JNN 25 Dec 2012 Jakarta : The Shia Community in East Java, Indonesia, has been subject to extreme measures of displacement and starvation by local authorities. At least 190 displaced Shi’a followers in East Java, including 69 women and 61 children, are at risk after local government authorities halted supplies of food and water to the community, citing a lack of funds.
Indonesian authorities cut off food and water supplies to displaced Shi’a community in East Java.
The Shi’a community, from Karang Gayam village in the Sampang district on Madura island, were displaced in August 2012 when an anti-Shi’a mob of around 500 people attacked the community with sharp weapons and stones. One person was killed and dozens were injured. The mob also set fire to thirty-five houses belonging to the Shi’a community. Four people have since been charged for the attack.
Following the attack, the community was moved to temporary shelter at a sports complex in Sampang – with minimal facilities – where they have been living for the last three months. No medicine or facilities specifically for children or women have been provided. On 18 November, the local authorities cut off water supply to the complex and on 22 November they halted food supplies. The displaced community have been forced to use their limited funds to purchase food and water.
According to credible sources, some of the Shi’a followers at the complex have been intimidated and harassed by local government officials who have urged them to convert to Sunni Islam if they want to return to their homes. Local and national authorities continue to put pressure on the community to relocate but they have rejected this option, preferring to return to their homes and livelihoods under conditions of safety. A group of volunteers have been assisting them with their daily needs and providing counselling, particularly to women and children.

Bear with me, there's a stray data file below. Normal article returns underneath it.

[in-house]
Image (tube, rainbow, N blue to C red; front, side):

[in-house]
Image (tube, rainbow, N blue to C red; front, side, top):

The AhlulBayt Islamic Mission (AIM) has established a channel in which funds can be delivered to those in need of support in Indonesia and calls on everyone to donate what little they can in support of their oppressed Shia brethren in Indonesia.
In an interview with us on Sunday, Dian Wirengjurit noted that Jakarta has no problem with Indonesian Shias and respects them as part of the nation.
Referring to attacks against the Shia community in Indonesia’s Madura Island in recent months, the envoy noted that disputes between Muslim groups in the region are simply rooted in tribal and ethnic differences and should not be interpreted as discrimination against Shia minority in Indonesia.
Shia Muslims have recently become common targets for violence and discrimination in Indonesia.
On August 26, hundreds of people armed with sickles and swords hacked a Shia man to death and torched more than 30 houses in the town of Sampang in the East Java Province, forcing villagers to seek refuge at a nearby sports hall.
In late last December, Shias in Nangkernang were attacked by Wahhabi extremists who set fire to hundreds of homes and a Shia school, forcing 500 people to flee their villages, according to Human Rights Watch.
Indonesia, the world’s biggest Muslim-majority nation of 240 million people, is hailed as a bastion of moderate Islam, but rights groups say religious intolerance is on the rise amid concerns that too little is being done to address it.
Although Indonesia’s constitution explicitly guarantees freedom of religion, rights groups argue that the country has become less tolerant over the past decade and the government is turning a blind eye to the problem.
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